Aims and Objectives


Spring 2000 saw the Society for the Study of Artificial Intelligence and the Simulation of Behaviour (SSAISB) hold their annual symposium at the University of Birmingham. One of the principal workshops ran under the title “How to Design a Functioning Mind”. Organised by Professor Aaron Sloman, the workshop attracted a set of international speakers. The over-riding theme was the adoption of a multi-disciplinary approach to the long term problem of designing a human-like mind, whether for the scientific purpose of understanding human minds or some engineering purpose. Its purpose was to bring together people interested in building bridges between various kinds of partial studies, with the long term goal of understanding, at least in principle, how to build a complete mind. This text has very similar objectives. It draws on those authors present at the workshop and others to provide an update on their perspectives for this collected text.

Objectives and Mission

The main objective of this collection is to present an overview of the research area of artificial minds at the start of the twenty first century. As such it will draw on current and prospective work from pivotal researchers in the area. It will include perspectives from philosophy, psychology, cognitive science and artificial intelligence. Rather than present a unified model of mind, it will invite a diverse collection that mirrors the academic discipline itself. The objectives and mission of the text are in effect a rephrasing of those associated with the original workshop.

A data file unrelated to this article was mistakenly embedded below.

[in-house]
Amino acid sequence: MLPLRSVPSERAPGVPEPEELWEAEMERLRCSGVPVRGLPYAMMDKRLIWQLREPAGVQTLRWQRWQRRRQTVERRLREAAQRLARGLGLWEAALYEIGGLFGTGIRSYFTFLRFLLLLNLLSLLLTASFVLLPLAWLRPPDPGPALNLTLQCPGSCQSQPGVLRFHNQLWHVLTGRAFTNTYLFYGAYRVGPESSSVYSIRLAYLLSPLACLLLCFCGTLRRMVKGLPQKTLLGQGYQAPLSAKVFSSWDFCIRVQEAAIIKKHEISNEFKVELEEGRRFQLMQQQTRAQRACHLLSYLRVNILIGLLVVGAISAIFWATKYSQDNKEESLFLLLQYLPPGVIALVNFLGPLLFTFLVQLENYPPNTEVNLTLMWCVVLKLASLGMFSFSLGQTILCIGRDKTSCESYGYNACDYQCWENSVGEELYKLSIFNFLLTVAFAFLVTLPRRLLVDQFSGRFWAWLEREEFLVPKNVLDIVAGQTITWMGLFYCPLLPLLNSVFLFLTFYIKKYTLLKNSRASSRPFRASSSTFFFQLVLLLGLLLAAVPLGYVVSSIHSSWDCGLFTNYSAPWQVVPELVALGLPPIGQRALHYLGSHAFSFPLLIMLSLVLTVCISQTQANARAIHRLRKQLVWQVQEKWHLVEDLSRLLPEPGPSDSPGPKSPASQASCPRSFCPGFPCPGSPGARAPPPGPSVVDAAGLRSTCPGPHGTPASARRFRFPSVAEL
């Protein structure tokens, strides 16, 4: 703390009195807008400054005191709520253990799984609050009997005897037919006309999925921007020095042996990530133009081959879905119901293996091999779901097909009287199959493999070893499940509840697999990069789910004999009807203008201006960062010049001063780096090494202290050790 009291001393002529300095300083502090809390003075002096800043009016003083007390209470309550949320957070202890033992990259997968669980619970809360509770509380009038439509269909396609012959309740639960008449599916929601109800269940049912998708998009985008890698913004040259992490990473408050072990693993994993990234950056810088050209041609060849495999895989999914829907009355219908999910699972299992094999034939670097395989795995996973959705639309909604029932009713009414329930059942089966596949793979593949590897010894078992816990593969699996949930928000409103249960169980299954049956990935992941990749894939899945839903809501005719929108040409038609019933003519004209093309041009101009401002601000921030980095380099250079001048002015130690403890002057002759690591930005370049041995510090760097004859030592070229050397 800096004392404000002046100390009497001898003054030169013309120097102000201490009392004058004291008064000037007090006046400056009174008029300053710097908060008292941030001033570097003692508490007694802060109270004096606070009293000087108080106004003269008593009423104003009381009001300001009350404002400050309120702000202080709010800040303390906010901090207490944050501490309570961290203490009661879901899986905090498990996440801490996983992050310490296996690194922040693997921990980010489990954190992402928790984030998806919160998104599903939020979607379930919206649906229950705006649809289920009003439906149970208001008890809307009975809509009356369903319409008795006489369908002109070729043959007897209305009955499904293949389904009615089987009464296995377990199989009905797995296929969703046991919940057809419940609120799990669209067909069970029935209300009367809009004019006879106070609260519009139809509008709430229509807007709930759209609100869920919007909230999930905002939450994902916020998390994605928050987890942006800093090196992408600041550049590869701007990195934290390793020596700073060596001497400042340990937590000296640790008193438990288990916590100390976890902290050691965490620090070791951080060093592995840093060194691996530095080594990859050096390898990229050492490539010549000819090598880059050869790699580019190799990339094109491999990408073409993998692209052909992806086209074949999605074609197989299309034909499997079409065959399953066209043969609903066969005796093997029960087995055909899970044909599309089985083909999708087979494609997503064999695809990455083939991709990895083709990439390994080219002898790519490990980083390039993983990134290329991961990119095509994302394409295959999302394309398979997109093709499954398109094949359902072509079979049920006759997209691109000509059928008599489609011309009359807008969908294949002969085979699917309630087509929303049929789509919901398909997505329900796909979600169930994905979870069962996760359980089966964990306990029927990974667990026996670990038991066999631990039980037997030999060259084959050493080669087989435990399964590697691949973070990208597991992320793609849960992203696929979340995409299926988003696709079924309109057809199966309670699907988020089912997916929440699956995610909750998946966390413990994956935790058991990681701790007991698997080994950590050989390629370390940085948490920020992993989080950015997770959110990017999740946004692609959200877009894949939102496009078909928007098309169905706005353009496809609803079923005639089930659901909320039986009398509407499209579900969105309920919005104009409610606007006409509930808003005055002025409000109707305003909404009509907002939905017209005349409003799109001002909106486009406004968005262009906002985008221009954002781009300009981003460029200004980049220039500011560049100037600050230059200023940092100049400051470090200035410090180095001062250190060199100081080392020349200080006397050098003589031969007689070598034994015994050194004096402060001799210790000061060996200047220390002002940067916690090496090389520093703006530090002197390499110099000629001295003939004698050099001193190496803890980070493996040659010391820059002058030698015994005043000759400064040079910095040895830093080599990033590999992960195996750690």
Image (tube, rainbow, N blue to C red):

The text presents a multi-disciplinary approach to the long term problem of designing a human-like mind, whether for the scientific purpose of understanding human minds or some engineering purpose.

Much research in AI is fragmented. People work on language, or vision, or planning, or learning or mathematical reasoning, without necessarily asking how their models could be combined with others in a fully functioning mind; or they discuss multi-agent systems where the agents have only very simple collections of capabilities.

Much research in psychology is equally fragmented: investigating particular capabilities and how they are affected by environmental factors, or brain damage, or gender, or age, etc.; for instance linguistic or visual or problem solving or memory or motor control capabilities.

Moreover such research often produces interesting empirical results without leading to a theory that is deep or precise enough to be the basis for a design for a working system.

Some philosophers also think about these topics and attempt to analyse the concepts involved in talking about minds, or necessary or sufficient conditions for various kinds of mentality, but without doing so at a level that might guide an engineer attempting to design a mind. Some of them produce arguments claiming to show that the task is impossible, but without formulating the arguments in a manner that could convince a computer engineer.

The questions that are addressed by this text are:

·         What is mind?

·         What are theories of mind?

·         What are computationally plausible theories of mind?

·         What are computationally plausible designs based on these theories of mind?

·         What are computationally plausible architectures and systems to support theories of mind?

·         What are computationally implemented architectures and systems based on theories of mind?

·         What kind of tools can we use in producing and implementing such designs?

·         How do we know when we are successful in producing artificial minds?